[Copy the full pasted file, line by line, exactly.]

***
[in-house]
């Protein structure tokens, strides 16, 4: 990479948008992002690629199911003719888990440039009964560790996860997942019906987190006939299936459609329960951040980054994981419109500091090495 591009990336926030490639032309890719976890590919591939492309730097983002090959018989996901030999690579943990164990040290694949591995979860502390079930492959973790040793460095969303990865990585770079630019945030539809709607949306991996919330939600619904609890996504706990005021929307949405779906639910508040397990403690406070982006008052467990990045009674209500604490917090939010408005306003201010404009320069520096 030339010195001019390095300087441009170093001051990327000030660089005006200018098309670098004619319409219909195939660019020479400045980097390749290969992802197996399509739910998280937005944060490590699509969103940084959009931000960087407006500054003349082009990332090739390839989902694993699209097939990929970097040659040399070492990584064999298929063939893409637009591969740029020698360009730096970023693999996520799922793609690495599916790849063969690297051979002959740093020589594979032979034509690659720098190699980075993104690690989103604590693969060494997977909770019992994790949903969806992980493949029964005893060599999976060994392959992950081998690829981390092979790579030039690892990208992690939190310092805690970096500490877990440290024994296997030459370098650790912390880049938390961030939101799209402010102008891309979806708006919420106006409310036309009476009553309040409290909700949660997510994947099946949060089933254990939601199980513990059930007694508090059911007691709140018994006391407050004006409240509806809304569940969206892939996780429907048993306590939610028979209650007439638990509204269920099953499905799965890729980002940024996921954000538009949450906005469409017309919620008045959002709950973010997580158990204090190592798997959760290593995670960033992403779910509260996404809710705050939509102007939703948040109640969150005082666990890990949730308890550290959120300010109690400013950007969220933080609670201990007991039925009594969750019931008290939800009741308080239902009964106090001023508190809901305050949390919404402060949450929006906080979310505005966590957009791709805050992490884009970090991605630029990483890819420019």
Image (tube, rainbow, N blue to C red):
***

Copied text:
[in-house]
């Protein structure tokens, strides 16, 4: 990479948008992002690629199911003719888990440039009964560790996860997942019906987190006939299936459609329960951040980054994981419109500091090495 591009990336926030490639032309890719976890590919591939492309730097983002090959018989996901030999690579943990164990040290694949591995979860502390079930492959973790040793460095969303990865990585770079630019945030539809709607949306991996919330939600619904609890996504706990005021929307949405779906639910508040397990403690406070982006008052467990990045009674209500604490917090939010408005306003201010404009320069520096 030339010195001019390095300087441009170093001051990327000030660089005006200018098309670098004619319409219909195939660019020479400045980097390749290969992802197996399509739910998280937005944060490590699509969103940084959009931000960087407006500054003349082009990332090739390839989902694993699209097939990929970097040659040399070492990584064999298929063939893409637009591969740029020698360009730096970023693999996520799922793609690495599916790849063969690297051979002959740093020589594979032979034509690659720098190699980075993104690690989103604590693969060494997977909770019992994790949903969806992980493949029964005893060599999976060994392959992950081998690829981390092979790579030039690892990208992690939190310092805690970096500490877990440290024994296997030459370098650790912390880049938390961030939101799209402010102008891309979806708006919420106006409310036309009476009553309040409290909700949660997510994947099946949060089933254990939601199980513990059930007694508090059911007691709140018994006391407050004006409240509806809304569940969206892939996780429907048993306590939610028979209650007439638990509204269920099953499905799965890729980002940024996921954000538009949450906005469409017309919620008045959002709950973010997580158990204090190592798997959760290593995670960033992403779910509260996404809710705050939509102007939703948040109640969150005082666990890990949730308890550290959120300010109690400013950007969220933080609670201990007991039925009594969750019931008290939800009741308080239902009964106090001023508190809901305050949390919404402060949450929006906080979310505005966590957009791709805050992490884009970090991605630029990483890819420019």
Image (tube, rainbow, N blue to C red):